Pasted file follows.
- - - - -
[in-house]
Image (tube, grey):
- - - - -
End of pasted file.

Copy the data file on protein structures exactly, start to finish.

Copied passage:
[in-house]
Image (tube, grey):